The assumption that comparative effectiveness research will provide timely, relevant evidence rests on changing the current framework for assembling evidence. In this commentary, we provide the background of how coverage decisions for new medical technologies are currently made in the United States. We focus on the statistical issues regarding how to use the ensemble of information for inferring comparative effectiveness. It is clear a paradigm shift in how clinical information is integrated in real-world settings to establish effectiveness is required.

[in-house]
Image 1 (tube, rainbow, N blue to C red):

The Cancer Research UK study CR0720-11 is a trial to determine the tolerability and effect on survival of using two agents in combination in patients with advanced pancreatic cancer. In particular, the trial is designed first to identify the most suitable combination of doses of the two agents in terms of the incidence of dose-limiting toxicities. Then, the survival of all patients who have received that dose combination in the study so far, together with additional patients assigned to that dose combination to ensure that the total number is sufficient, will be analysed. If the survival outcomes show promise, then a definitive randomised study of that dose combination will be recommended. The first two patients in the trial will be treated with the lowest doses of each agent in combination. An adaptive Bayesian procedure based only on monotonicity constraints concerning the risks of toxicity at different dose levels will then be used to suggest dose combinations for subsequent patients. The survival analysis will concern only patients who received the chosen dose combination, and will compare observed mortality with that expected from an exponential model based on the known survival rates associated with current treatment. In this paper, the Bayesian dose-finding procedure is described and illustrated, and its properties are evaluated through simulation. Computation of the appropriate sample size for the survival investigation is also discussed.